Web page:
How Do We Teach Aikido Anyway?

“I've learned that people will forget what you said, people will forget what you did, but people will never forget how you made them feel.”  –Maya Angelou

“How did you learn to teach Aikido? ”This was one of the foremost questions on students’ minds at the weeklong Aiki retreat I attended in the majestic Sierra Nevada mountain town of Quincy, California in June 2015. I thought about this query a lot, particularly in the early morning as I walked through the ponderosa pines from our dorm lodging to the Feather River College gym where we trained. Myself, Michael Freidl, Daniel Smith, and Craig Fife Senseis co-taught classes with a sandan or yandan student-instructor.

One steamy hot Wednesday afternoon, I had the pleasure of coteaching with a yandan instructor who I didn’t know well, but had trained with at seminars over the years. Time zoomed by as we tossed the class back and forth, switching roles every quarter hour and maintaining a theme we had selected before we bowed in. I knew from observing her on the mat that she had a dance background, so it felt appropriate to focus on flow and posture, breath and shape. I didn’t know she was a trained psychotherapist until after we finished, but right away I intuited that she too saw aikido as a healing art with great capacity to not just identify our griefs and sorrows, but touch, soften, and in some cases loosen the contractions that hold them tight. The sharing enriched us both.

Like many of my colleagues I didn’t attend a teacher training to learn how to teach a class or run a dojo. There weren’t any. For many of us, our early dojos were small. Perhaps we were blue belts and one day the instructor was unable to make the class. The request came: Please get up in the front of the room, bow in, and lead class. To the best of my memory, what “lead class” meant was unformed, but I knew enough not to “instruct” anyone with my minimal experience. I showed a technique, clapped, walked around the mat, trained with people, and hoped for the best. Most of the time I was scared, but also curious and intent on doing the job. At the time, I didn’t see myself teaching aikido for all my life. One thing at a time.

When I opened Two Cranes in 1995, I taught a majority of the classes. My colleague Anne Yamane, and students Dan McAbee and Richard Darby also took a slot. As the dojo grew, I encouraged more of my senior students to teach. I made a point of letting them get comfortable with the process before coming to watch a full class and taking notes on highs and lows. Later, over a cup of tea, I’d listen to their experience leading the class and offer feedback of what I saw. In general it was a rewarding experience for both of us. Over time I watched many of these teachers become more skillful—there’s no better way to deepen one’s practice then to try and share how you see it with someone else. It’s also important that people feel your aikido. Terry Dobson, Mary Heiny, Ikeda Sensei taught me that. Terry says, “We are spiritual mechanics. I touched O Sensei, now I touch you. It’s a transforming transmission.”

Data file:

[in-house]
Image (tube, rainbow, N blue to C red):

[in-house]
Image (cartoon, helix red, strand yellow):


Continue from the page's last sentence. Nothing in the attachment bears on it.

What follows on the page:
But as a teacher how do you go about “transmitting that ki, that intention”? as Terry says. Whether leading class in a large arena or a small mat, I have a plan to work the room. I draw a clover leaf around the mat and move to each of the four regions, throwing and striking people as I go offering: “Look at this, try this, wake up, behind you, fantastic, think less and feel more, give me more!” To me, it feels like I offer them the spirit of training in Shingu. My motto is that of Zanshin—always be ready, you never know what will present to you from one moment to the next. You want to be awake—the moment you enter the dojo. For example, after I unlock the door, I always bow to the shomen and ask for guidance from O Sensei. (Even if I am locked in conversation). Over the years that simple act has gone from academic to noting a felt sense of his presence in the room. Then I step into the middle of the mat, and in my mind I create a spiderweb that touches the four walls of the dojo to set a template of spiritual seniority. From that moment on, as the teacher of the day, regardless of who enters the dojo, I am the authority in the space. I am responsible for maintaining safety and protection.

Below are some other suggestions for leading a class.

  • Present a theme that speaks to you.
  • Have your basics anchor you.
  • Don’t talk too much.
  • End on time.
  • Offer “good job, now try this.” (Stolen from Frank Doran Sensei)
  • Train with the students in the class.
  • Make them laugh at least once or twice.
  • Imagine everyone is possibly a future O'Sensei. (I stole that from Terry Dobson)
  • Make uke unbalanced, so he can follow you.
  • Remember you are always training yourself.

I have been blessed to study with teachers who trained with O Sensei. Each one of these educators has given me a jewel of knowledge on how best to communicate his or her message and add my own perspective to the pot. I am happy that I have the opportunity to share what I have gleaned with both my instructors at Two Cranes, and when the opportunity appears with other as well.

Gassho. Kimberly

Kimberly Richardson